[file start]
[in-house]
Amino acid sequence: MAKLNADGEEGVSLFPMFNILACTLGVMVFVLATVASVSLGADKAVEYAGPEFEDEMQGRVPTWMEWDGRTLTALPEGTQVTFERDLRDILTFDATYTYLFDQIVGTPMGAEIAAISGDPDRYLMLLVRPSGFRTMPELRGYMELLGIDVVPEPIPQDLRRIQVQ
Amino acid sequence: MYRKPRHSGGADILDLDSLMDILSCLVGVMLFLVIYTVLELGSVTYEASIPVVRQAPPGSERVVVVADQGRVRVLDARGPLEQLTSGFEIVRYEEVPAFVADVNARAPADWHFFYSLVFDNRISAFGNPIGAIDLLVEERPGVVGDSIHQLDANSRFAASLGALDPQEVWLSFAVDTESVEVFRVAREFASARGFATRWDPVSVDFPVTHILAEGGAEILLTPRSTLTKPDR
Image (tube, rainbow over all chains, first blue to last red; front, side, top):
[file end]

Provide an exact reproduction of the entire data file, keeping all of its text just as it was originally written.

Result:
[in-house]
Amino acid sequence: MAKLNADGEEGVSLFPMFNILACTLGVMVFVLATVASVSLGADKAVEYAGPEFEDEMQGRVPTWMEWDGRTLTALPEGTQVTFERDLRDILTFDATYTYLFDQIVGTPMGAEIAAISGDPDRYLMLLVRPSGFRTMPELRGYMELLGIDVVPEPIPQDLRRIQVQ
Amino acid sequence: MYRKPRHSGGADILDLDSLMDILSCLVGVMLFLVIYTVLELGSVTYEASIPVVRQAPPGSERVVVVADQGRVRVLDARGPLEQLTSGFEIVRYEEVPAFVADVNARAPADWHFFYSLVFDNRISAFGNPIGAIDLLVEERPGVVGDSIHQLDANSRFAASLGALDPQEVWLSFAVDTESVEVFRVAREFASARGFATRWDPVSVDFPVTHILAEGGAEILLTPRSTLTKPDR
Image (tube, rainbow over all chains, first blue to last red; front, side, top):